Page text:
I have a Java and web development background. I picked up this and it's sister book iOS 7 Programming because I heard it was a great resource. I'm done with this book and overall I'm a little disappointed. The book acts as more of a reference guide then a book to teach you how to develop iPhone apps. Unfortunately I felt there was a lot of filler in several chapters. For example the ARC chapter, half the chapter was about how we used to code in when we didn't have ARC. Why would anyone care how it was done before? Everyone is coding using ARC, why even mention it? And this same technique repeated itself throughout the book. I would read two or three sections on a chapter, and then the next chapter would begin by saying, "that was the old way of doing it, now let me show you how to do it now." One of the biggest disappointments is the lack of full code examples. 95% of the code examples were excerpts now showing how everything was connected. I'm sure I'll refer back to the book if I have questions, but I would've preferred to have something more than an iOS dictionary in my hands.
9 of 10 people found the following review helpful
Author Does Not Understand How Programmers Learn 5 Jun. 2014
By Paul D. Grady - Published on Amazon.com
Format: Kindle Edition Verified Purchase
I have never read a book where the author appeared to be more of an expert on a subject. Mr. Neuburg is obviously an iOS programming expert. However, transferring his knowledge to the reader is exceptionally poor. He basically lays out 500 pages of info on the various components of Xcode with very few examples. Imagine 50 lines of code in 500 pages, the rest is up to you to memorize or look back as a reference. Of course this was to be a tutorial and not a reference manual. Next he writes another book that has no examples just code snippets that you are suppose to understand because perhaps you spent 5 years going over his first book and memorized all of the information. If anybody learns that way, then I feel sorry for you. Whatever happened to explaining a concept with a sample application and building upon that application as you build upon the concept? If you want to learn iOS programming do not buy this book or the accompanying book I did, it was a total waste of money. I am a 3 decade veteran of C, C++, C#, I will seek other help to understand the Cocoa framework so that I can actually mess around and do something other than read information I cannot possibly retain.
7 of 8 people found the following review helpful
Okay. Could be more concise. 23 Dec. 2013
By Kurt A. Zoglmann - Published on Amazon.com
Format: Kindle Edition Verified Purchase
As an enterprise Java developer, I felt conflicted as to the intended audience of this book. It's as if the author was trying to cater to two extreme audiences. At one end are those coming to Objective-C as their first programming language. At the other end are those who have some limited exposure to Objective-C. This left me feeling irritated many times throughout the book because painfully obvious material was mixed in with non-obvious and necessary tidbits. For example, Chapter 3 is on Objective-C Objects and Messages. He goes on about assignment and what it means to assign one thing to another. Anyone who has programmed in another language should implicitly understand this concept! However later on in the same chapter, it is pointed out that calling a method on a null object (also thought of as sending null a message) does not result in a Null Pointer Exception or the program crashing. e.g. NSObject *foo = nil; [foo description]; This detail is extremely important because most languages do not behave this way. IMO, the book could be more concise by eliminating details that generally apply to any object oriented language. The book doesn't go into all the details of the C language and asks new comers to go read other books for those details. Why not go a little further with the more general object oriented concepts?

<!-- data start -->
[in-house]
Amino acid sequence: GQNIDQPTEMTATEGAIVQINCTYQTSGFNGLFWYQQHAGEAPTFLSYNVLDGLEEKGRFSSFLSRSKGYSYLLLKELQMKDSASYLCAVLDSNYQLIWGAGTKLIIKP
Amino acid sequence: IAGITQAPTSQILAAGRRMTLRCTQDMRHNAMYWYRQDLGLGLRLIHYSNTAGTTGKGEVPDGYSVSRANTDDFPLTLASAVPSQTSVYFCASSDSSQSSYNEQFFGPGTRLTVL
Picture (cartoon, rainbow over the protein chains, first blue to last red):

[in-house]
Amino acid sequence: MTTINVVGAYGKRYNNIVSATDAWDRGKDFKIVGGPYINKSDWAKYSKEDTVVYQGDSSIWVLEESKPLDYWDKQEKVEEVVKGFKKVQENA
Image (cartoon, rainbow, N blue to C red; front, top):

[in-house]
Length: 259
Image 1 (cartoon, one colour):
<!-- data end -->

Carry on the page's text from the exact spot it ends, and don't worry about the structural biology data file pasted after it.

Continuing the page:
4 of 5 people found the following review helpful
Should be titled iOS 7 Programming Vol 1 23 Jan. 2014
By cross_the_streams - Published on Amazon.com
Format: Paperback Verified Purchase
As the author acknowledges in his introduction, this is simply what used to be the first 14 or so chapters of the previous edition of Programming iOS 7. You'll also see this fact alluded to in the book description and other reviews, but please keep in mind that this has ramifications for the structure of this book (it even ends with what feels like a cliffhanger, ending after a few paragraphs about the Model-View-Controller pattern!)

After finishing this text, you will have a grasp of Objective C, the XCode IDE, and the Cocoa framework. However, this book contains only one small example application that you build, mainly to demonstrate XCode functionality. Most of the book consists of examples of code that are removed from the context of an application coupled with a lot of exposition. This can be a tiresome slog. On the positive side, this text does deliver on it's objectives and covers it's subjects with a fair amount of description.

A reader who has previous development experience will be able to absorb the content and use the text as a reference for later endeavors. Readers without development experience will have a more difficult time with this read, no doubt. If this is your first foray into programming, take the author's suggested reading seriously. Knowledge of C programming syntax and object-oriented programming concepts will be necessary for you to make this a productive read.

At the end of this journey, you will have an understanding of the tools you need to get started. What you will lack coming out of this book is the context that comes with building different iOS applications around different requirements and problems. In this specific sense, "Fundamentals" is an appropriate name.